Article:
A perennial plant that seasonally loses its leaves (and/or stems) is deciduous. This loss is typically related to water stress; for example, green portions of the plant are shed during the dry season. Dry does not have to mean no (or low) precipitation . It simply means that little water is available for the plant. Winter in some areas brings heavy snows; unfortunately, the ground water is frozen and unavailable for the plant. Most of the water lost by a plant occurs because of transpiration (evaporation through its leaves). By dropping its leaves during the dry season, deciduous plants are able to avoid dehydration.
In colder climates, it is typically the reduction in both day length and temperature that cause the process to begin. In desert (or equatorial) regions, the winter (shortest days) is often the rainy season. Many plants in these areas do not develop leaves or aboveground portions until they have sufficient moisture. Loss of these portions is more closely associated with a decrease in moisture rather than a change in day length.
Whether caused by shorter day length, cooler temperatures, or decreased moisture availability, the process is the same. Environmental cues prompt the production of an important hormone, ethylene, which in turn induces the formation of an abscission zone. This zone is near the point of attachment of leaf (or stem) to the rest of the plant. The abscission zone is composed of two parts: the separation layer and the protection layer. The separation layer marks the area where the leaf will break away from the plant or abscise. The protection layer seals the wound left by the dropped leaf, protecting the plant from infection and moisture loss.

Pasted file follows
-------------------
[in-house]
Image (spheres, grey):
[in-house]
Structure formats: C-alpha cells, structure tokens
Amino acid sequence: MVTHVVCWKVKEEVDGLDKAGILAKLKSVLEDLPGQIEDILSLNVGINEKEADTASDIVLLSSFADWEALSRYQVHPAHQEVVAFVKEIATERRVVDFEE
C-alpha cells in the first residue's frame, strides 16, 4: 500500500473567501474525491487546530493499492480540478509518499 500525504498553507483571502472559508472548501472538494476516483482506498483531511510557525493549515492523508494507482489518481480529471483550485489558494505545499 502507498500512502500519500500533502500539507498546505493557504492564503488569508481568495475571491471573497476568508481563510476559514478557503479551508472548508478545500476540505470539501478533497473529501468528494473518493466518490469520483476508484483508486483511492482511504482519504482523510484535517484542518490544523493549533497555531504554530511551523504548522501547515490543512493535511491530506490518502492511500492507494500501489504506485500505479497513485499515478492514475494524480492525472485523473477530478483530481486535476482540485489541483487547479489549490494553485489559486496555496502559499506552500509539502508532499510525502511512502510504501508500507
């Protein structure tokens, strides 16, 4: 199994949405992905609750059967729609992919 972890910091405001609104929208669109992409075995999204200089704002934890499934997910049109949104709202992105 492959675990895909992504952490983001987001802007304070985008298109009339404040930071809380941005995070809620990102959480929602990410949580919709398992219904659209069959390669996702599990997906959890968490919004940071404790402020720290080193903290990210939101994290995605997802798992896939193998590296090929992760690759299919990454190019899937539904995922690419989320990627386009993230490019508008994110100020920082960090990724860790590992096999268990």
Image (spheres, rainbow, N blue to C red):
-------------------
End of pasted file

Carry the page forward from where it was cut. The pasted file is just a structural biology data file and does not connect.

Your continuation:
The formation of the abscission zone breaks many of the connections the leaf had with the plant. This causes a decrease in the amount of water available to the leaf, causing a consequent decrease in chlorophyll production. With the loss of chlorophyll, the other pigments in the leaf (anthocyanins and carotenoids) show through. The net result is the dramatic fall color changes seen in many deciduous forests.
Not all perennial plants are deciduous. Many are considered evergreen, since they retain their leaves throughout the year. Deciduous and evergreen plants can often be found in the exact same habitats growing next to one another. Each has its own adaptations to deal with seasonal water stress. For instance, some adaptations that evergreens have to deal with dry conditions include thick, waxy leaves, leaves with low surface area (conifer needles, for example), or water storage tissues (such as cacti).
There is a cost to dropping leaves, which is why some perennial plants are not deciduous. It can take a lot of nutrients from the soil to produce the number of leaves produced in an average growing season. In areas where nutrients are plentiful, an annual leaf drop is not a problem. However, in areas with nutrient poor soils, dropping leaves may be very costly for the plant. The advantages of decreased water stress and the detriments of a seasonal loss of nutrients must be balanced to insure an evolutionarily stable strategy.
see also Anthocyanins; Carotenoids; Chlorophyll; Deciduous Forests; Hormones; Leaves; Pigments; Trees.
de·cid·u·ous / diˈsijoōəs/ • adj. (of a tree or shrub) shedding its leaves annually. Often contrasted with evergreen. ∎ inf. (of a tree or shrub) broad-leaved. ∎ denoting the milk teeth of a mammal, which are shed after a time.DERIVATIVES: de·cid·u·ous·ly adv.de·cid·u·ous·ness n.